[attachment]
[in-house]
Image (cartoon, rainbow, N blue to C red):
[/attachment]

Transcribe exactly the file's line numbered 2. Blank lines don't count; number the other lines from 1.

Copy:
Image (cartoon, rainbow, N blue to C red):